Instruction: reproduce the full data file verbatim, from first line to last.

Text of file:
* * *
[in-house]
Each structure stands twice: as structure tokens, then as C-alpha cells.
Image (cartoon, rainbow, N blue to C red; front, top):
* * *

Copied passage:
[in-house]
Each structure stands twice: as structure tokens, then as C-alpha cells.
Image (cartoon, rainbow, N blue to C red; front, top):